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Draw Smooth Line through points with HTML5 Canvas

By , 26 Aug 2013
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Note: Version 2 and onward is maintained at Github.


Canvas comes with a few functions to draw smooth lines such as Bezier-curves. However, sometimes we just need to draw smooth lines between and through a few points without worrying about control points, or calculating pseudo control points by means of trigonometric approaches.

Here is a simple function that allows you to feed it a simple array of X and Y coordinates and it will draw smooth lines (cardinal spline) between them.

Using the Code

Obvious first step: reference the file in your HTML code or merge it with the existing JavaScript code. The usage is straight forward. Define a simple array with X and Y coordinates in succession.

Then call the function with the canvas context and array as argument. Optionally, you can set a tension value between 0 and 1 (if none is given, it uses the default 0.5).

var myPoints = [1,2, 10,20, 30,40 ]; //here 3 points: x1,y2, x2,y2, x3,y3

drawCurve(ctx, myPoints);

The function comes with a set of options which may or may not be useful - the full function looks like this:

drawCurve(context, points, [tension], [isClosed], [numOfSegments], [showPoints])  
  • context - the canvas' 2D context which you allocate yourself from the canvas element.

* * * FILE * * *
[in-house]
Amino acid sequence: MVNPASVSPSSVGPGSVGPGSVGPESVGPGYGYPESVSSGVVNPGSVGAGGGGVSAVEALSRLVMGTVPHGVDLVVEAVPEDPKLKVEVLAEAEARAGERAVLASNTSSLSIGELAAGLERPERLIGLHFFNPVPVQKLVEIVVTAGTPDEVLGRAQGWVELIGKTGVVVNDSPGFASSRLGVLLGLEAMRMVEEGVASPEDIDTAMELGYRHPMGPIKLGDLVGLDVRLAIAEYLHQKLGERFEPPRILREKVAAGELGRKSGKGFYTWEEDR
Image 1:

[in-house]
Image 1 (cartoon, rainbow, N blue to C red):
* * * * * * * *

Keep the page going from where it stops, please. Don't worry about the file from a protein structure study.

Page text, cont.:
• points - the array of points, minimum two points. The array is cloned internally as it needs to duplicate the start and end points which otherwise would alter the input array (feel free to modify if you need to squeeze a few more milliseconds out of it).
  • tension - (optional) typically a value between 0 - 1, default value is 0.5.
  • isClosed - (optional) if you want a closed loop. Default is open curve. Please note that in the current version, one junction point will not be smoothed (haven't wrapped my head around this one - suggestions are welcome!). NOTE: From version 1.3 this option is obsolete as I have found no solution to this problem yet. The argument is still present but nothing will happen using it.
  • numOfSegments - (optional) segments between each set of points, or the line resolution if you like. Defaults to 16. Good initial range is between 10-16, 20-25 for long curves/lines.
  • showPoints - (optional) draw a small square where each actual points are. Mainly for debugging purposes. Default is false.